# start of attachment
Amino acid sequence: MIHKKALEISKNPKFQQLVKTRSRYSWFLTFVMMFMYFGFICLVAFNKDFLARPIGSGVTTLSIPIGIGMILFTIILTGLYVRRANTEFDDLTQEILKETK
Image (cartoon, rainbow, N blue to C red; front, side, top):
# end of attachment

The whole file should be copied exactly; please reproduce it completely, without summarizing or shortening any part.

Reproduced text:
Amino acid sequence: MIHKKALEISKNPKFQQLVKTRSRYSWFLTFVMMFMYFGFICLVAFNKDFLARPIGSGVTTLSIPIGIGMILFTIILTGLYVRRANTEFDDLTQEILKETK
Image (cartoon, rainbow, N blue to C red; front, side, top):